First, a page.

Home Buying in New Jersey>Question Details

Mike, Home Buyer in New York, NY

Our attorney just sent our inspection report along with a list of items that we are asking the sellers to fix to seller’s attorney.

Asked by Mike, New York, NY Tue Oct 9, 2012

Is it our attorney’s job or realtor’s job to negotiate with the seller on the items to be fixed? Who will play a bigger role in the negotiation on repair or credit back?

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I always advise my clients to speak with their attorney regarding their list of repairs so that it can be put in writing to the sellers.
Then, I find when there is a stalemate, Realtors do the best job getting the negotiating done. I've always said, "leave it to an attorney to kill a really good deal!"
It's all in the style. Agents seem to be able to get the job done!
Good luck!
Web Reference: http://www.dianeglander.com
0 votes Thank Flag Link Tue Oct 16, 2012
Let us know how it works out..........based on your reply to me.......as you can see, this part of the sale can go forwardwith or without the agent's intervention.
In your case, as you stated, you didn't turn to your agent.....for lack of time, or whatever reason, when coming up with your requests.......so your agent was out of the loop on that one........the seller may repsond the same way, with just the attorney's input.

It's difficult to say which way is "better", as a lot has to do with the personalities involved.
Not everyone is level headed during these negotiations........not every attorney spends time discussing the items one by one (I have had attorneys who simply send out the report and check off EVERYTHING the inspector noted)..............so...............let's hope your list was a resonable one, and that the sellers will repsond in a like manner!

Good luck
0 votes Thank Flag Link Wed Oct 10, 2012
either can negotiate. In my experience realtors have a better success rate at working it out than attorneys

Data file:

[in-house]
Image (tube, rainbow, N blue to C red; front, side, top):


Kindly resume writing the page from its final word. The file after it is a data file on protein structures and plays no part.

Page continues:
0 votes Thank Flag Link Tue Oct 9, 2012
This really depends a lot upon how pro active your agent is. I review the inspection report (I'm always at the inspection anyway) with my client. We discuss what is important and what we would "like." We also consider a "throw away" list of give backs. Then my client and I both discuss it with the attorney. Since it is in attorney review or UC contingent upon the inspection (and keep in mind, the seller is not obligated to do anything but they will if they want the sale unless it is a "short" or "as is" sale), the attorney should send a letter to the seller's attorney with the list of required repairs. At this stage, it is beyond the negotiation phase between agents. That doesn't at all mean that your agent should not be advising you every step of the way. This is a critical phase and his/her expertise is needed to understand how to successfully move to the next step.
0 votes Thank Flag Link Tue Oct 9, 2012
Good question Mike!

And, its a question that can have several answers, as it can play out in various ways.

Much will depend on the sellers, their attorney-relationship and their relationship with their agent.

I always prefer when my sellers bring me into the post home inspection discussion, and we go over the list together, as I will let them know my take on what is and isn't a typical or appropriate expectation..........however, sometimes the attorney takes over and the sellers respond through him or her without asking my opinion.

I would suggest that your agent reach out to the listing agent to see what their response was to your requests. This way you will be able to ascertain how involved the agent will be........or if your attorney will hear directly from the other attorney with little or no agent input.

So........out of curiousity - did you speak with your agent before making the list of inspection items you want addressed.......or did you simply ask your attorney to send out your list, after a discussion with him or her?

Good luck!

ps... this part of the transaction can actually be more anxiety-producing than the initial negotiations!!
0 votes Thank Flag Link Tue Oct 9, 2012
Thank you all for your response. To answer Debra’s question, we did not discuss the list of inspection items with our agent. When we got the inspection report, we only had a few hours to make the list and send it out to the seller’s attorney.
Flag Wed Oct 10, 2012
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